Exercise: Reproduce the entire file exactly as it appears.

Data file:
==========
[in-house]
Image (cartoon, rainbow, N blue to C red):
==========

[in-house]
Image (cartoon, rainbow, N blue to C red):